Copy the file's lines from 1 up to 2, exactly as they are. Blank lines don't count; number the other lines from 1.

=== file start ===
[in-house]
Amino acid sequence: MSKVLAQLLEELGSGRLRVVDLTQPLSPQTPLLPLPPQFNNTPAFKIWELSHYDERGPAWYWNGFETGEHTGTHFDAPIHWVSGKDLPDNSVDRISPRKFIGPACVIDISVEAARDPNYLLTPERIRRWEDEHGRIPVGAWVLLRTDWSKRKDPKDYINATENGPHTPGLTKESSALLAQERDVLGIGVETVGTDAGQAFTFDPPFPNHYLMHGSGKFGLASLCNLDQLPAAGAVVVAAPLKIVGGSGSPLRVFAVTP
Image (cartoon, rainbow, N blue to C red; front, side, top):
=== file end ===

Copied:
[in-house]
Amino acid sequence: MSKVLAQLLEELGSGRLRVVDLTQPLSPQTPLLPLPPQFNNTPAFKIWELSHYDERGPAWYWNGFETGEHTGTHFDAPIHWVSGKDLPDNSVDRISPRKFIGPACVIDISVEAARDPNYLLTPERIRRWEDEHGRIPVGAWVLLRTDWSKRKDPKDYINATENGPHTPGLTKESSALLAQERDVLGIGVETVGTDAGQAFTFDPPFPNHYLMHGSGKFGLASLCNLDQLPAAGAVVVAAPLKIVGGSGSPLRVFAVTP